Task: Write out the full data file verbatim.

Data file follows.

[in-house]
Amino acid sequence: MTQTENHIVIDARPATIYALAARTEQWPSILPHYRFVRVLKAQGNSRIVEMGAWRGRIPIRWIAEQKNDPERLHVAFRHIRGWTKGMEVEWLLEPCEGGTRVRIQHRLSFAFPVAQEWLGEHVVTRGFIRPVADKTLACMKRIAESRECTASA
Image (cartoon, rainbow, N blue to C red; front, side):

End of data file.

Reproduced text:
[in-house]
Amino acid sequence: MTQTENHIVIDARPATIYALAARTEQWPSILPHYRFVRVLKAQGNSRIVEMGAWRGRIPIRWIAEQKNDPERLHVAFRHIRGWTKGMEVEWLLEPCEGGTRVRIQHRLSFAFPVAQEWLGEHVVTRGFIRPVADKTLACMKRIAESRECTASA
Image (cartoon, rainbow, N blue to C red; front, side):